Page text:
Tessa Lark Leads Concert Series in Second Season as Artistic Director in Old Lyme

Tessa Lark performing at First Congregational Church in Old Lyme (Courtesy of Musical Masterworks)

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The 33rd season of Musical Masterworks will begin on October 14th & 15th at the First Congregational Church in Old Lyme, with violinist Tessa Lark commencing her second season as artistic director. Lark — the first woman director of Musical Masterworks, and a down-to-earth superstar violinist — shared in a phone interview her thoughts on what this role means to her.

“Musical Masterworks is a living breathing entity, and it has been around for thirty-three years. It is humbling to continue the legacy started by Charles Wadsworth — who is legendary in the chamber music scene — and also Ed Arron, who trusted me with this cherished series. It’s a beautiful testament to the art form and the traditions it upholds with living composers.”

Lark is bringing special attention to new composers’ work in this season. Trumpeter Caleb Hudson, harpist Charles Overton, saxophonist Remy Le Boeuf, big band composer Kyle Athayde, bassist Michael Thurber and Lark herself will present original and/or premiere works. These new offerings are interspersed in each concert with established repertoire, including Bach, Dvorák, Clara Schumann, Robert Schumann, Telemann, Mendelssohn, Corelli, Schubert, Babajanian, and Satie.

(Courtesy of Musical Masterworks)

Lark’s own earliest musical memory places her in the world of folk music: she is on the swing in her backyard in Kentucky, while her father pushes her with his foot as he plays the banjo. Robert Frederick’s passion for bluegrass — he was both a biology professor and a banjo player — meant Lark grew up as part of a Kentucky bluegrass community, going to festivals, jam sessions, and church concerts.

Lark says, “what I grew up knowing about music: it’s to bring people together.”

When she began studying Suzuki Method on violin at age six, classical music emerged as a core focus. Her studies at Cincinnati Starling Project, New England Conservatory of Music, and The Julliard School formed the foundation of her award-winning professional career. But she has continued to think about music as community-building, especially in her new role at Musical Masterworks.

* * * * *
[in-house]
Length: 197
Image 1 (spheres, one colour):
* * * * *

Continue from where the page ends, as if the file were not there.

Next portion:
“This year I am thinking in terms of maintaining the incredible legacy that Musical Masterworks already has, and honoring that, and also keeping it relevant: making sure we are moving forward, bringing in new faces, having the program look like classical music looks in America at large. So it has really stretched me as a human being, maintaining respect for all those things. I am thinking: does the audience enjoy the program, but also does this make sense in the art form as a whole; is it relevant? And will it satisfy the performers? And is it stretching me, too?”

Lark says programming a whole season is an adventure. “It has helped me spread some wings I didn’t even know I had.” How does she approach the task?

“Everyone has their special sauce for this, but I do what a chef calls ‘flavor bouncing,’ where every ingredient in every recipe has to relate in a way amicably with everything else. I make sure all the connections between one piece and another are sound. I’ll connect things literally, motively, historically — even intuitively, if I think it’s going to make a great flow of energy in a concert.